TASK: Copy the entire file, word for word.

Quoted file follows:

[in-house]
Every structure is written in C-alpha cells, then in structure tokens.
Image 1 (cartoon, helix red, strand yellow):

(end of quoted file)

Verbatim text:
[in-house]
Every structure is written in C-alpha cells, then in structure tokens.
Image 1 (cartoon, helix red, strand yellow):